Life lessons from Children’s book

Books are most often looked upon as an important educational tool for children’s intellectual development. But books do much more than improve literacy skills and language skills; books impart critical life skills to the young readers that will help them to shape the world.


None other than the famed scientist Albert Einstein believed that “Imagination is more important than knowledge.” Imagination is a formidable force, which is strengthened by reading books. Books can help children to overcome barriers, transcend their own limitations and reach out for their dreams. By encouraging creativity and allowing children to indulge their imagination, books nurture the innovators, the creators and the inventors among the young readers.


Curiosity is the driving force behind the acquisition of knowledge and skills. Books give children access to new information and fuel their curiosity about the world around them. While books answer questions, they also uncover fresh puzzles at every turn. This encourages the children to think and rethink deeply and gain a deeper understanding of all that they know. In the quest for satiating their curiosity, many children acquire new skills and hobbies which become a lifelong passion.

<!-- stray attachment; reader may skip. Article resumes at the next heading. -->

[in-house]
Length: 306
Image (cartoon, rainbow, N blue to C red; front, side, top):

Advanced technology has made life comfortable and convenient in innumerable ways. However, access to instant answers, instant responses and instant gratification has its downside. These lifestyle changes have led to an erosion of patience and perseverance in everyone, including children. Books are different, in the most wonderful way possible. Books allow us to linger and savour the experience over time, building up reserves of focus and patience. As the story unfolds and weaves its magic, the young readers are drawn into the pages of the book and held there till the last page has been turned. A remarkable accomplishment in this age of fast-paced entertainment!


Books provide children with the unique opportunity to see the world from a different perspective. When children read books, they observe the story unfolding through another person’s eyes. Even if for a brief period, just for the duration of the book, it builds up the young reader’s empathy for another person. By developing empathy for people different from oneself, children learn valuable lessons in acceptance and compassion. By reading diverse and varied literature, children learn to understand different cultures and different viewpoints.

Empathy is an important factor in building harmonious relationships, reducing emotional stress and improving emotional awareness. A sense of empathy impacts not just the child but also the community as a whole. When children learn to connect positively with others, they also learn to appreciate the importance of their communities. Through empathy building, books help nurture a sense of community and contribute to the raising responsible global citizens of tomorrow.
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